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Are you bothered by nonsensical temperature compliance requirements during distribution?

There is a growing tendency in the field of medical device to shift responsibilities from the manufacturer to the rest of the distribution chain. Specifically, by setting storage temperatures in a nonsensical way, or by setting a very narrow storage temperature band. What is the problem and how can it be solved? Let's look at it in more detail with two examples.



In the first case, you have suppositories with a specified storage temperature of 3°C to 10°C. In the second case, you have a non-sterile gauze square with a storage temperature range of 5°C to 25°C. The first example is certainly taken seriously by all distributors as a case of a thermolabile device and care is taken in its storage and distribution. In the latter case, distributors are usually less attentive and are unlikely to comply with the transport conditions, pointing out that such products cannot be transported in a temperature controlled chain at the price charged. Moreover, from their point of view, it is unnecessary, because a few hours of non-compliance with the specified temperature does not affect the gauze.


This is usually the case until the first inspection by SÚKL (State Institute for Drug Control), which imposes a painful fine for violation of the conditions set by the manufacturer. And you have to give them the benefit of the doubt, because there is - technically speaking - no difference between the two cases. So what to do about it?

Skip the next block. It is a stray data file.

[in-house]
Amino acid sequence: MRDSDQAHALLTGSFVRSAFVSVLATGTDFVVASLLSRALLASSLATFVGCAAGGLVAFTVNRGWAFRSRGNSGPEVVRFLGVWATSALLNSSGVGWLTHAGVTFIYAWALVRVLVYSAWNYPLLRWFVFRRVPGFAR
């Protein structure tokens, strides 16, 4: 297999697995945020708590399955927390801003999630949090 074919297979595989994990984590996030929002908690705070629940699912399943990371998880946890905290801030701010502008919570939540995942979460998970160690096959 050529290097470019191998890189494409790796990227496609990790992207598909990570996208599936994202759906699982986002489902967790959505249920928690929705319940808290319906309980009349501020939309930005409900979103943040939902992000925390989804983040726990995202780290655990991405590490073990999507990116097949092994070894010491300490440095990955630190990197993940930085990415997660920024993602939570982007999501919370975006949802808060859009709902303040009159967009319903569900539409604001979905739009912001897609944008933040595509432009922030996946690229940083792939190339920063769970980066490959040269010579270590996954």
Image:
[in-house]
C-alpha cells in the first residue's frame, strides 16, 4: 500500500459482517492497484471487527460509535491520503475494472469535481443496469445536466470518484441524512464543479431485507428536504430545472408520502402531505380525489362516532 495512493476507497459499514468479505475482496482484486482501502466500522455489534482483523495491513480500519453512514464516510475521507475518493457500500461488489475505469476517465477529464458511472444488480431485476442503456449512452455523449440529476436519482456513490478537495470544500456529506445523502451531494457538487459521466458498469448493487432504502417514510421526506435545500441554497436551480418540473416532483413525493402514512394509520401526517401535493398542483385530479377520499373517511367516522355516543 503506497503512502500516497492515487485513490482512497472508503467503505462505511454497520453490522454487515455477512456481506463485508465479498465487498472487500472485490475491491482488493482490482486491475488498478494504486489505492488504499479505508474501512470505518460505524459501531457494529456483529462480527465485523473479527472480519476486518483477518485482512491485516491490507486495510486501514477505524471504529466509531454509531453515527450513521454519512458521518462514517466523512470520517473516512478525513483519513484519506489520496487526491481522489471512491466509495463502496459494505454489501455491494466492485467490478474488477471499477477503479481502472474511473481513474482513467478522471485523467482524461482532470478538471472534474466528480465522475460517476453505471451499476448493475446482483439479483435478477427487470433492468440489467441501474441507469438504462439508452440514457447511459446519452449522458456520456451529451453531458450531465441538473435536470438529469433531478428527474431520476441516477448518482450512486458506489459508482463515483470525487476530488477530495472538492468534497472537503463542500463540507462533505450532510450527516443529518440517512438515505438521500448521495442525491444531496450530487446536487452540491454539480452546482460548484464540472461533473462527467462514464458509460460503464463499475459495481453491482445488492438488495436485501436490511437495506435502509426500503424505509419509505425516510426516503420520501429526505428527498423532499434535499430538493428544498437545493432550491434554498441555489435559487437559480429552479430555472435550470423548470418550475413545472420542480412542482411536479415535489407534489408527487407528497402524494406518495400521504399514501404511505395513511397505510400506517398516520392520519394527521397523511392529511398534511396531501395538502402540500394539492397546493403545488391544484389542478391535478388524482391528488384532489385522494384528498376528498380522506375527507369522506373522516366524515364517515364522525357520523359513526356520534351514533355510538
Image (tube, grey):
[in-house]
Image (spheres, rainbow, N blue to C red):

First of all, it must be made clear that nothing can be done at the distributor level. The distributor has to control and measure the conditions prescribed by the manufacturer and provide a technical solution to comply with them. The problem is with the manufacturer who, in the case of the gauze squares mentioned above, probably copied 5°C to 25°C from a competitor's product and then conducted a stability study at these 'normal' conditions. It would have taken very little to verify, using meteorological data, that the gauze (as well as the packaging) is stable over a much wider range of temperatures than can realistically be achieved in Europe during storage and transport. A few extra searches would therefore be sufficient. In the case of some products, due to the materials or to maintain product purity, then to carry out stability tests at marginal temperatures, possibly simulating short-term exceedances. And the whole distribution chain could breathe a sigh of relief that it has less to worry about. Fortunately, some manufacturers have already figured this out. Helping distributors in this case is also environmentally friendly and leads to a strengthening of Europe's energy independence.


Author: Aleš Martinovský

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